Study finds moderate-vigorous physical activity is the most efficient at improving fitness

Dedicated exercise (moderate-vigorous physical activity) was the most efficient at improving fitness. Specifically, exercise was three times more efficient than walking alone and more than 14 times more efficient than reducing the time spent sedentary. Additionally, they found that the greater time spent exercising and higher steps/day could partially offset the negative effects of being sedentary in terms of physical fitness.

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In the largest study performed to date to understand the relationship between habitual physical activity and physical fitness, researchers from Boston University School of Medicine (BUSM) have found that higher amount of time spent performing exercise (moderate-vigorous physical activity) and low-moderate level activity (steps) and less time spent sedentary, translated to greater physical fitness.

“By establishing the relationship between different forms of habitual physical activity and detailed fitness measures, we hope that our study will provide important information that can ultimately be used to improve physical fitness and overall health across the life course,” explained corresponding author Matthew Nayor, MD, MPH, assistant professor of medicine at BUSM.

He and his team studied approximately 2,000 participants from the community-based Framingham Heart Study who underwent comprehensive cardiopulmonary exercise tests (CPET) for the “gold standard” measurement of physical fitness. Physical fitness measurements were associated with physical activity data obtained through accelerometers (device that measures frequency and intensity of human movement) that were worn for one week around the time of CPET and approximately eight years earlier.

They found dedicated exercise (moderate-vigorous physical activity) was the most efficient at improving fitness. Specifically, exercise was three times more efficient than walking alone and more than 14 times more efficient than reducing the time spent sedentary. Additionally, they found that the greater time spent exercising and higher steps/day could partially offset the negative effects of being sedentary in terms of physical fitness.

According to the researchers, while the study was focused on the relationship of physical activity and fitness specifically (rather than any health-related outcomes), fitness has a powerful influence on health and is associated with lower risk of cardiovascular disease, diabetes, cancer and premature death. “Therefore, improved understanding of methods to improve fitness would be expected to have broad implications for improved health,” said Nayor, a cardiologist at Boston Medical Center.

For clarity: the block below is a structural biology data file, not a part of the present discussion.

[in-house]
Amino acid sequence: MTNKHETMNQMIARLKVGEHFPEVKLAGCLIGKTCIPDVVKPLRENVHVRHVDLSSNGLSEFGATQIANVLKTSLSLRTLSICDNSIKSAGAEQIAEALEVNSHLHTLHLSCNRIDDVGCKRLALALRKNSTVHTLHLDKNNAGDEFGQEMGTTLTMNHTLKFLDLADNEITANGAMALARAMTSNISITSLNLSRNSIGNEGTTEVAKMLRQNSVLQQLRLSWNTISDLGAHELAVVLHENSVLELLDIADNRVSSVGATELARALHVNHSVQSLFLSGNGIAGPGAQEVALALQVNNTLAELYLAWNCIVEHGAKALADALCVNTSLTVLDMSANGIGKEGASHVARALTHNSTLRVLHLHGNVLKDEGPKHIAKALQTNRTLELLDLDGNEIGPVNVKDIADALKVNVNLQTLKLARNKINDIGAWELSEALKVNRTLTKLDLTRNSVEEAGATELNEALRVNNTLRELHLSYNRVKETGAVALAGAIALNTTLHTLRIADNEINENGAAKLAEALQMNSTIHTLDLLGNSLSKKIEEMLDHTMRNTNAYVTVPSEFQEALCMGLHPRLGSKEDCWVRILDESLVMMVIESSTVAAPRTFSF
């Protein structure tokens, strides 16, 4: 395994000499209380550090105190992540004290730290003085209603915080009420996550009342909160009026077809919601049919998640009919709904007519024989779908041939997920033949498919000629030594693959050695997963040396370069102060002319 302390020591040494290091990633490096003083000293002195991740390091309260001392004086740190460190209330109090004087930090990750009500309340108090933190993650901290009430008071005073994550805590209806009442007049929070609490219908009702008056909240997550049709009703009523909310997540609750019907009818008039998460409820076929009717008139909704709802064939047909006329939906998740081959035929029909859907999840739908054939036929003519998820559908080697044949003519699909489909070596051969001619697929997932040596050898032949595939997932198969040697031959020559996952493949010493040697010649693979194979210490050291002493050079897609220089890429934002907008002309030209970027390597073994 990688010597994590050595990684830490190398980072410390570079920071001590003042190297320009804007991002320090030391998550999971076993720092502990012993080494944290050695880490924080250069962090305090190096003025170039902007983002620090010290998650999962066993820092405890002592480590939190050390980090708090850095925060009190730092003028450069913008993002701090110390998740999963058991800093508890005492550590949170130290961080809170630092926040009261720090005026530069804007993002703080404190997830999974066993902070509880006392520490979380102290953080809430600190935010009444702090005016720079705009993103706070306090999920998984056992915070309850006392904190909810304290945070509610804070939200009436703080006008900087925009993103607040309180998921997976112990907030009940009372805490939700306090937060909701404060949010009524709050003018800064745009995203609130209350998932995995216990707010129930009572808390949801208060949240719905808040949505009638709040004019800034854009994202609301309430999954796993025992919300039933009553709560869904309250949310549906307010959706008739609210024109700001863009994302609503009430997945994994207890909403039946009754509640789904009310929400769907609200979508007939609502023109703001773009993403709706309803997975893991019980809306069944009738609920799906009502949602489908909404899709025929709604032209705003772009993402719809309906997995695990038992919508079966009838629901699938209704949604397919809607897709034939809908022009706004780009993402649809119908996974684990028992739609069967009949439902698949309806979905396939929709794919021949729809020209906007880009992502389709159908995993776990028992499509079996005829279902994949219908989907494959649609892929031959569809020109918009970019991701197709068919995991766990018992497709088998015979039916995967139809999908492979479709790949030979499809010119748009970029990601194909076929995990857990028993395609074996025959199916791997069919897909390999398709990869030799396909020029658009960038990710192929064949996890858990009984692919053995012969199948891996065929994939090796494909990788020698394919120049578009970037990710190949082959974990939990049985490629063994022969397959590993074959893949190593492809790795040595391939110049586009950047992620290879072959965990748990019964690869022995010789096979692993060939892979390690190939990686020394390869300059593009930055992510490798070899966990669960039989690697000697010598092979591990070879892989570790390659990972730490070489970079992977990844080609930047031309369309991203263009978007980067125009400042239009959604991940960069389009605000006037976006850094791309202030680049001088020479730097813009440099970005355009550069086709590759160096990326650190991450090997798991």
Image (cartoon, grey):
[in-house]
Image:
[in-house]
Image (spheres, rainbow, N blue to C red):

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Fitness

Tips to avoid common running injuries

Injuries are very common among runners. Recent research estimates that 82% of runners will become injured during their running career and up to 90% will experience injury while training for a marathon. Some of the most common include a stress fracture, plantar fasciitis, hamstring tendinitis, ankle sprain, runners’ knee, and Achilles’ tendonitis.

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Whether training for a marathon or preparing for your first community race, being knocked off course with pain can be hard to handle mentally and physically.

Injuries are very common among runners. Recent research estimates that 82% of runners will become injured during their running career and up to 90% will experience injury while training for a marathon. Some of the most common include a stress fracture, plantar fasciitis, hamstring tendinitis, ankle sprain, runners’ knee, and Achilles’ tendonitis.

Injury prevention is critical. Here are some safety tips from Dr. Joshua Blomgren, a 15-time Chicago Marathon team physician and sports medicine physician, Midwest Orthopaedics at Rush:

Don’t over-train

Don’t increase weekly mileage or intensity by more than 10 percent each week. Build up slowly and let a good training schedule determine how much you run.

Invest in good shoes

Go to a specialty running shop to be properly fitted for running shoes and/or orthotics. Replace them every 350-500 miles. Incorrect shoes can affect your gait, leading to injuries in your feet, legs, knees, or hips.

Choose the best running surface